Treatment of sessmoid injuries is initially dependent upon proper diagnosis. Related conditions that may mimic sessmoid pathology include (but are not limited to): flexor hallucis longus tendonitis and/or injuries/ruptures; 1st MPJ capsulitis and/or injury;.; neuritis and/or nerve injuries of the plantar proper digital nerve(s); fractures and/or injuries of the first metatarsal head; and arthritic considerations including degenerative joint disease, gout, psoriasis, etc. Mild cases of sessmoiditis can typically be treated with accommodative padding either applied to the foot, shoe, or insoles, OTC and/or prescription insert/orthotics; and anti-inflammatory treatments such as physical therapy and oral medications (either OTC and/or prescription). Moderate to severe cases of sessmoiditis are treated with varying levels of immobilization from trauma shoes and cam-walkers, to BK casting with non-weight bearing, depending upon severity. Injection therapy is commonly used consisting of a local anesthetic and corticosteroids such as celestone or hexadrol. Also physical therapy and prescription-strength non-steroidal medications are used in conjunction with immobilization. In both cases, a reduction in the amount of physical activity is necessary to allow the sessmoid bones and related structures time to properly heal. This is followed by a progressive increase in activity with accommodative support consisting of shoe modification and/or insert/orthotics devices. Treatment of sessmoid fracture injuries is dependent upon the type and severity of the individual injury. Mild stress fractures are typically treated with an orthopedic trauma shoe or cam-walker/AFO (ankle-foot-orthosis) for a variable period of time, then progressive activity with shoe accommodation, insert/orthotics devices, and physical therapy. Moderate to severe stress fractures are most effectively treated with a BK (below the knee) cast with or without weight bearing for a period of from 4-6 weeks. Then progression into a trauma shoe or cam-walker with physical therapy, before returning to normal shoes and activities. Many times OTC and/or prescription shoe inserts (orthotics) are helpful in preventing re-injury to these structures. Overt fracture of the sessmoid bones commonly poses a precarious and sometimes poor prognosis. Mild overt fractures of the sessmoid bones are almost always amenable to BK casting and similar treatment regimens as utilized in moderate to severe stress fracture injuries. Severe overt fractures of the sessmoid bones..ones resulting in displacement of the fracture fragment(s) of the individual bone(s).can lead to disabling pain and significant gait alterations leading to resultant ankle, knee, hip, and/or back-related symptoms. Due to the location and exorbitant stresses placed upon these bones, combined with a poor blood supply, many times these fractures lead to non-, or mal-unions of these bones. Due to the above factors, it is very difficult to 'fix' these fractures surgically. Extended BK, non-weight bearing, casting is the treatment of choice for these fractures. If continued pain and symptomatology is demonstrated after appropriate immobilization is attempted, excision (removal) of the fractured bone(s) is usually the treatment of choice.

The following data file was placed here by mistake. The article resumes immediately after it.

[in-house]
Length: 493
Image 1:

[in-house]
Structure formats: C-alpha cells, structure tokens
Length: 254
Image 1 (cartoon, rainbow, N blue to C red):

Sessmoiditis and related pathology of the sessmoids bones are a fairly common injury treated in Podiatric physicians offices. If you develop unremitting discomfort or pain under or within your big toe joint, it is a good chance that the sessmoids bone(s) are the culprit. If reducing your activity, wearing more supportive shoes, and/or using OTC inserts, does not relieve your pain, prompt medical attention is recommended. Mild cases of sessmoiditis can develop into debilitating forms or stress fractures and/or overt fractures of these bone(s) that many times leads to unnecessary surgery.




Athletes Foot

Bio-Mechanical Pain


Calluses & Corns

Diabetic Foot

Flat Feet

Hallux Limitus/Rigidus

Hammer Toes

Heel Pain/Heel Spur

Ingrown Nails


Morton's Neuroma



Plantar Fasciitis

Plantar Warts

Running Injuries

Sclerosing Injection Treatments


Severs Disease

Shin Splints

Sweaty Feet/Odor

Toenail Fungus





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Dr. Mark Tompkins | 4402 Vance Jackson, Suite #146 | Phone: 210-341-2202

Copyright © 2001-2009 Dr. Mark H. Tompkins.  All rights reserved.